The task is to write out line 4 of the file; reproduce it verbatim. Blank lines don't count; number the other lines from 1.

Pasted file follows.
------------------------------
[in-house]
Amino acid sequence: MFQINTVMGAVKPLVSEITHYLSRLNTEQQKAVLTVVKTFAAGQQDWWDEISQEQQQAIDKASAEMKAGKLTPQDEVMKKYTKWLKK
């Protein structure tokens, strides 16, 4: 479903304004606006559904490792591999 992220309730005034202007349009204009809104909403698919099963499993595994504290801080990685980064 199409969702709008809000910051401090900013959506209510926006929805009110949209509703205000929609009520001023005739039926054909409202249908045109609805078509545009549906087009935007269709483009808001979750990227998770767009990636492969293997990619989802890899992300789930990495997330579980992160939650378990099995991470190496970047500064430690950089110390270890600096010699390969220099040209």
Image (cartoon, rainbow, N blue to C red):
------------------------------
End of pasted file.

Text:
Image (cartoon, rainbow, N blue to C red):